Treatment Options for NTRK Fusion–Positive mCRC


Cathy Eng, MD, FACP, FASCO: The treatment options for this newly diagnosed patient with surgically unresectable disease based upon the fact that she reportedly has multiple liver metastasis, if her performance status is quite good, which it appears to be, with an ECOG [Eastern Cooperative Oncology Group] performance status of 1, obviously your treatment options may be to consider standard chemotherapy up front.

Secondly, you can consider immunotherapy, which now has been not only considered in the refractory setting of patients who have received at least 1 prior therapy, but as many of you know, it is already approved as per the NCCN [National Comprehensive Cancer Network] guidelines for patients who may not tolerate chemotherapy well. There are a lot of data, not only looking at single agent, but also doublet therapy with nivolumab and ipilimumab.

Then obviously the third option in this setting, which would be important if she tests positive for NTRK fusion, is to consider the role of one of the NTRK inhibitors.

Patients who are MSI [microsatellite instability] high are more likely to test positive for the NTRK fusion.

So although is it going to be less than 1% of all patients with colorectal cancer who will have an NTRK fusion, it’s reportedly between 25% and 30% of MSI-high patients who are NTRK positive.

In the setting of this patient, when I would want to consider utilizing larotrectinib, my preference would be to consider immunotherapy up front, and utilize one of the NTRK inhibitors at progression of disease. That would be my preference at this time, and that is because most of the literature regarding immunotherapy has a little bit more history and is longer-standing with greater median follow-up.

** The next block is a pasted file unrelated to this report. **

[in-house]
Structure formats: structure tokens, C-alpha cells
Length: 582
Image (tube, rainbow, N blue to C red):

Are there any circumstances in which I would not want to provide targeted therapy in the setting of this driver mutation? I think based upon this case and based upon the literature that exists, my preference would not be to not pursue targeted therapy in this setting. I think is the most appropriate setting, in this patient who has an MSI-high tumor as well as an NTRK-positive fusion.

Transcript edited for clarity.

Case: A 68-Year-Old Woman With Metastatic NTRK Fusion-Positive Colon Cancer

Initial presentation

  • A 68-year-old woman presented with a 3-month history of intermittent abdominal pain, and alternating constipation/diarrhea
  • PMH/SH: hypertension and hypercholesterolemia, medically managed; colonoscopy at age 50 was unremarkable; never smoker; no family history of cancer
  • PE: abdomen tender on deep palpation in the right lower quadrant

Clinical workup

  • Labs: Hb 11.9, Hct 32%, MCV 75 fL, CEA 12.8 ng/mL
  • Chest/abdominal/pelvic CT showed a 5-cm right sided bowl mass and multiple hepatic lesions, and regional lymphadenopathy
  • Colonoscopy revealed a 5-cm mass in the ascending colon, biopsy was taken
  • Pathology: grade 3 poorly differentiated adenocarcinoma, with invasion of the submucosa
  • Biomarkers: KRAS-wt, NRAS-wt, BRAF-, NTRK+; MSI-H
  • Stage TXNXM1; ECOG PS 1
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